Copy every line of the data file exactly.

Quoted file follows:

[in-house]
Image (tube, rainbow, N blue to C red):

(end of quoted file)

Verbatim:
[in-house]
Image (tube, rainbow, N blue to C red):